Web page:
Football Season Postponement Causes New Challenges to Arise

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Nicole Littlefield, Managing Editor

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As the new semester begins, the COD campus remains closed to most students and faculty continues to teach remotely. The athletic director, Ryan Kaiser, made the decision to postpone all high-risk sports until spring semester. 

“After a tremendous amount of deliberation and study as well as with the health of student-athletes and coaches as the college’s highest priority, we hope to compete in the 2020-21 academic year,” Kaiser said. Our continued goal is to support and keep our student-athletes engaged through the fall 2020 semester.” 

Men’s and women’s soccer and volleyball along with football are the high-risk sports that have been postponed. Low-risk sports (golf and cross country) and medium-risk (track and field, baseball, softball, and tennis) will still have their seasons. 

Although these changes were made to keep students safe from contracting the virus, student-athletes are facing new challenges caused by the postponing of their athletic season. This fall was supposed to be the last season for many of the out-of-state football players on the team.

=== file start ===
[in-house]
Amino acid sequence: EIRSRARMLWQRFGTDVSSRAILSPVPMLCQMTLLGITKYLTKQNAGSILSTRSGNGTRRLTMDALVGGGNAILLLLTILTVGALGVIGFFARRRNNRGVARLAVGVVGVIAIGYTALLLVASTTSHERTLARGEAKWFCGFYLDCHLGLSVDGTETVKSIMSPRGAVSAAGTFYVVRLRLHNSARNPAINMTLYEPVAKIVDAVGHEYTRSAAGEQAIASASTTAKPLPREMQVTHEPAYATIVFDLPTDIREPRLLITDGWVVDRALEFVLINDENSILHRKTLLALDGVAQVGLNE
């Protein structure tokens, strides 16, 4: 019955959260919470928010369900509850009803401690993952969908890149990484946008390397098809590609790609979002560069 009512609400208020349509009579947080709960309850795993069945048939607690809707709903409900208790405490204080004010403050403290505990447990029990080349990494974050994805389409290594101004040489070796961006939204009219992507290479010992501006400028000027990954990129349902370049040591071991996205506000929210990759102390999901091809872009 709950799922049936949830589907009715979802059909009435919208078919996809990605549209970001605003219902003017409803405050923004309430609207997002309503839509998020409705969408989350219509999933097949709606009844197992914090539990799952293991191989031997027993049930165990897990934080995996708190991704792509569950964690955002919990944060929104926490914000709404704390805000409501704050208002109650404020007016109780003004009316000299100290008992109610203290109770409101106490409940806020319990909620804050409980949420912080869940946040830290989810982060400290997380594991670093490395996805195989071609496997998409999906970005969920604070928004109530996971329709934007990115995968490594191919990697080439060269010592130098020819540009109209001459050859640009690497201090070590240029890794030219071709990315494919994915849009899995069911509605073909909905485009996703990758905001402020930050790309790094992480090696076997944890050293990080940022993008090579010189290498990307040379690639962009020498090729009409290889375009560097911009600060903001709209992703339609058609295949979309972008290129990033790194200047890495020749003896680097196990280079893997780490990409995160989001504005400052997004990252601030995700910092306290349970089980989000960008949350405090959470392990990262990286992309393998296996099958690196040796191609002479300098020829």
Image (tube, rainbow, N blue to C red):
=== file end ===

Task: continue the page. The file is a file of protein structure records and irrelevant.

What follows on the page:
“We had a whole bunch of Michigan and St. Louis guys on the team,” running back for COD’s football team, Isaiah Nwokenkwo, said. “This semester was supposed to be their last semester, and now they don’t know what to do, and they don’t want to stay at COD for a third year, but they have to.”

Many football players rely on athletic scholarships and recruiters from four-year universities watching them play during the fall season. The postponing of the season has caused many uncertainties for all of the football players. 

“It [the COVID-19 pandemic] just messed up everything,” said Nwokenkwo. “I can’t even get into full contact. I couldn’t show my skills ‘cause they shut down everything else. I’m scattered right now. I’m trying to get back on my feet to figure out how I’m going to do this.”

In an effort to keep morale high and to prepare for the upcoming season, the football coaches are hosting a weight training program. Although the campus remains closed for most COD students and staff, the coaches are using the Physical Education Center for the program. To prevent the spread of the virus, the fitness center staff cleans every touched weight and participating football players are split into small groups. However, with classes remaining online, out of district team members aren’t participating in the voluntary weight training program because they aren’t on campus. The out of district team members are worried they won’t be getting the proper training needed to compete in the upcoming season.

Nwokenkwo said, “If we play in the spring and then we have another season in the fall, they don’t have much time to recover at all.” 

With the coronavirus still causing deaths across the nation, there are many unknowns for the future of the football team and their upcoming season. College of DuPage officials have not yet expressed any concrete plans for the spring.